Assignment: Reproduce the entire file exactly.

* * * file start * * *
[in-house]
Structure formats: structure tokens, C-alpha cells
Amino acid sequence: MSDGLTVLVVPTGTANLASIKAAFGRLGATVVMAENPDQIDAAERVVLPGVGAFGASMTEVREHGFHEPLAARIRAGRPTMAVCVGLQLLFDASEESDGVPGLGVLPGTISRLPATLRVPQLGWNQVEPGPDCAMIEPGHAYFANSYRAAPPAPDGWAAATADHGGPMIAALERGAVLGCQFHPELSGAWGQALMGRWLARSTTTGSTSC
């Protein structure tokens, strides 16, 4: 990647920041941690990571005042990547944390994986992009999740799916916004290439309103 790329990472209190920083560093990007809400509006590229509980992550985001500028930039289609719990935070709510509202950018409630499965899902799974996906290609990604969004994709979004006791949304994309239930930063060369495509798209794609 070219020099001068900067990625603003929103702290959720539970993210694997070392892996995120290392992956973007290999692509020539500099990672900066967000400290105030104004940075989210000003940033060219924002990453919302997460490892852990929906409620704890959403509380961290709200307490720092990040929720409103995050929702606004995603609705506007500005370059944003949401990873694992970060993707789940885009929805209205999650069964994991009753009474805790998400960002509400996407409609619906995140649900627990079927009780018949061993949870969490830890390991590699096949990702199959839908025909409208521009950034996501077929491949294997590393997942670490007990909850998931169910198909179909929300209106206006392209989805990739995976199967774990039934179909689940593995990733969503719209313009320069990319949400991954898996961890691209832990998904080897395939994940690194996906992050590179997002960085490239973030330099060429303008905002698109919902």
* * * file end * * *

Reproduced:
[in-house]
Structure formats: structure tokens, C-alpha cells
Amino acid sequence: MSDGLTVLVVPTGTANLASIKAAFGRLGATVVMAENPDQIDAAERVVLPGVGAFGASMTEVREHGFHEPLAARIRAGRPTMAVCVGLQLLFDASEESDGVPGLGVLPGTISRLPATLRVPQLGWNQVEPGPDCAMIEPGHAYFANSYRAAPPAPDGWAAATADHGGPMIAALERGAVLGCQFHPELSGAWGQALMGRWLARSTTTGSTSC
């Protein structure tokens, strides 16, 4: 990647920041941690990571005042990547944390994986992009999740799916916004290439309103 790329990472209190920083560093990007809400509006590229509980992550985001500028930039289609719990935070709510509202950018409630499965899902799974996906290609990604969004994709979004006791949304994309239930930063060369495509798209794609 070219020099001068900067990625603003929103702290959720539970993210694997070392892996995120290392992956973007290999692509020539500099990672900066967000400290105030104004940075989210000003940033060219924002990453919302997460490892852990929906409620704890959403509380961290709200307490720092990040929720409103995050929702606004995603609705506007500005370059944003949401990873694992970060993707789940885009929805209205999650069964994991009753009474805790998400960002509400996407409609619906995140649900627990079927009780018949061993949870969490830890390991590699096949990702199959839908025909409208521009950034996501077929491949294997590393997942670490007990909850998931169910198909179909929300209106206006392209989805990739995976199967774990039934179909689940593995990733969503719209313009320069990319949400991954898996961890691209832990998904080897395939994940690194996906992050590179997002960085490239973030330099060429303008905002698109919902």